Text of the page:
By Bob Hertzel
Times West Virginian
For a while Saturday morning as West Virginia University’s queen of facilities, April Messerly, led the media on a tour of the new basketball facility that borders the Coliseum, there was this awful fear that overcame me.
Here she was showing us these tiered soft, theater-style seats in the film room, 25 of them with enough leg room for even Manute Bol, 103-inch television screens with such high definition that it would knock your eyes out, lockers modeled after the locker provided no less than LeBron James at the Cleveland Cavaliers’ practice facility and so many other amenities you wondered how Bob Huggins would be able to create the toughness he demands in his teams.
After all, it’s tough to be hankering for a battle after you sat out on the deck, serenely overlooking the Mon River as it rambles quietly and aimlessly 150 yards or so below.
But then the group tour made a turn into the training room, an area that will be so nice when it is completely equipped that Huggins may have trouble even getting his players out of there. However, looks can be deceiving, for within the training room there is a hydro section, hydro, of course, meaning water.
That houses a built-in whirlpool on one side and on the other a larger, deeper whirlpool ... a whirlpool only Huggins could love, for, as April Messerly described it, it houses an “underwater” treadmill.
Now, true, this allows athletes recovering from injuries to work injured muscles on a treadmill while immersed in water. This piece of equipment was made famous when featured on the cover of Sports Illustrated a while back illustrating a story on “The Rehabilitation of Carson Palmer.”
They advertise this piece of equipment as being able to promote early range of motion in a low-impact environment while improving cardiovascular stamina and increasing the healing and strengthening of injured tissues.
Or, more to the point, Huggins could use it as he uses the one he keeps dry courtside as an instrument of torture for players who do not put out as he would like. Now he can carry it over right into the whirlpool.
We jest, of course, about Huggins turning a piece of equipment intended to rehabilitate injured athletes simply as a tool to toughen them up, but we do so to give you an idea of just how complete and spectacular this facility is going to be when it is opened.
Indeed, you could not ask for anything more, short of golden fixtures, for $24.1 million, most of it from generous donors who want to be part of the success of the basketball program.
The facility is coed, so to speak, for everything the men’s team has, the women’s team has, save for different bathroom plumbing.
In fact, the women actually have one more seat — 26 — than the 25 the men have in their film room ... but, of course, the women are allowed two more scholarships than the men ... sort of a Title IX-plus concession to evening up expenses.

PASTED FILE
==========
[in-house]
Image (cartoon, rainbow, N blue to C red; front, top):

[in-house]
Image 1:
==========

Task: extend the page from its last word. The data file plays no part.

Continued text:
The public will be allowed only into the Hall of Traditions, but somehow it has always seemed a bit overrated the way the public wanted to spend time down in smelly locker rooms anyway. This room is worth the price of admission, which is free, even with the $24.1 million price tag.
It is a beautifully decorated room of murals and memorabilia cases, TV screens and interactive displays.
In one corner of the room is the scoreboard used at the last game played at Stansbury Hall displaying the 29-26 score from the first game played there. They played the kind of defense Huggins loves in those days.
On the other wall is the backboard from the last game at Stansbury.
And no, for you young whippersnappers, there was no peach basket attached.
Almost anything and everything you could think of was on display though, right down to Bob Huggins’ letter jacket ... donated perhaps because he would have a rather difficult time fitting into it these days.
There is an area honoring “WVU Immortals” Mark Workman, Hot Rod Hundley, Jerry West, Rod Thorn, Fritz Williams, Wil Robinson and, yes, Da’Sean Butler.
In one case is an original, type-written manuscript by Jerry West entitled “My First Year in Pro Ball,” a Joe Mazzulla uniform among many unis and letter jackets from different eras on display, a case for women’s basketball, including the pink uniform worn by the Mountaineers in support of breast cancer research and coach Mike Carey’s pink tie, and a huge picture on the wall of Georganne Walls dunking a basketball, she being the first women to ever do so during a game.
Fittingly, the tour’s next stop after the Hall of Traditions was supposed to be the media room, but the door was locked, forcing the ink-stained wretches to enter from the back door.
The teams, of course, are more interested in the basketball facilities, and there are a men’s and women’s gym, each with a full court and a half court on which to practice. The teams will practice there except for the day before games, when they will shoot in the Coliseum.
Each side has roomy office suites for the coaching staffs, individual film rooms for film study, while a state-of-the-art weight room, not yet equipped, and training table are in a shared space.
Email Bob Hertzel at firstname.lastname@example.org. Follow on Twitter @bhertzel.